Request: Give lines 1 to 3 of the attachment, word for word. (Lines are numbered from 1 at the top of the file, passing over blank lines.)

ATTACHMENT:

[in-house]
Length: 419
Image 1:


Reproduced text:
[in-house]
Length: 419
Image 1: